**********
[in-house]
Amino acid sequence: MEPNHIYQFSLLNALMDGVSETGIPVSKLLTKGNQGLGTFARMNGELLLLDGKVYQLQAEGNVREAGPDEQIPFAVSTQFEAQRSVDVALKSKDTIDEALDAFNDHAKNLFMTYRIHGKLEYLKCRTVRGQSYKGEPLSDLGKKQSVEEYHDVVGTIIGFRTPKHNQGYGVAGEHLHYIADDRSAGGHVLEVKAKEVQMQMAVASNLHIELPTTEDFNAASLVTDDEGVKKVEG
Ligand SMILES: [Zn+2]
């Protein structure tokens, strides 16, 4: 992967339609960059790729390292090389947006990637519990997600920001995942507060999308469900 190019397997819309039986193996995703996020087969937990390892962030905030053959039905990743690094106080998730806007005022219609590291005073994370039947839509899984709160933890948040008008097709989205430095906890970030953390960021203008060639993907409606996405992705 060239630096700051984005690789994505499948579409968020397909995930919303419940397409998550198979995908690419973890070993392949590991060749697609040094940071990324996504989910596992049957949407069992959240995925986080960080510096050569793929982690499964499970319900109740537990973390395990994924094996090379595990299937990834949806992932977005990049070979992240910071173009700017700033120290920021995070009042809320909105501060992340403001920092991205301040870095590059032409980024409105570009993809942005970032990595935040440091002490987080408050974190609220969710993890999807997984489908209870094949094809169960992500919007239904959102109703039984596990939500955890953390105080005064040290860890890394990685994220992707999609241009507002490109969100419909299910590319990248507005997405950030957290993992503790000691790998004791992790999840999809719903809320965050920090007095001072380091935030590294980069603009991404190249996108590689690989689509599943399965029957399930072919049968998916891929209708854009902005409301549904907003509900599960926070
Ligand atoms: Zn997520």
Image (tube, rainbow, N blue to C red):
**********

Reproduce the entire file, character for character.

[in-house]
Amino acid sequence: MEPNHIYQFSLLNALMDGVSETGIPVSKLLTKGNQGLGTFARMNGELLLLDGKVYQLQAEGNVREAGPDEQIPFAVSTQFEAQRSVDVALKSKDTIDEALDAFNDHAKNLFMTYRIHGKLEYLKCRTVRGQSYKGEPLSDLGKKQSVEEYHDVVGTIIGFRTPKHNQGYGVAGEHLHYIADDRSAGGHVLEVKAKEVQMQMAVASNLHIELPTTEDFNAASLVTDDEGVKKVEG
Ligand SMILES: [Zn+2]
């Protein structure tokens, strides 16, 4: 992967339609960059790729390292090389947006990637519990997600920001995942507060999308469900 190019397997819309039986193996995703996020087969937990390892962030905030053959039905990743690094106080998730806007005022219609590291005073994370039947839509899984709160933890948040008008097709989205430095906890970030953390960021203008060639993907409606996405992705 060239630096700051984005690789994505499948579409968020397909995930919303419940397409998550198979995908690419973890070993392949590991060749697609040094940071990324996504989910596992049957949407069992959240995925986080960080510096050569793929982690499964499970319900109740537990973390395990994924094996090379595990299937990834949806992932977005990049070979992240910071173009700017700033120290920021995070009042809320909105501060992340403001920092991205301040870095590059032409980024409105570009993809942005970032990595935040440091002490987080408050974190609220969710993890999807997984489908209870094949094809169960992500919007239904959102109703039984596990939500955890953390105080005064040290860890890394990685994220992707999609241009507002490109969100419909299910590319990248507005997405950030957290993992503790000691790998004791992790999840999809719903809320965050920090007095001072380091935030590294980069603009991404190249996108590689690989689509599943399965029957399930072919049968998916891929209708854009902005409301549904907003509900599960926070
Ligand atoms: Zn997520």
Image (tube, rainbow, N blue to C red):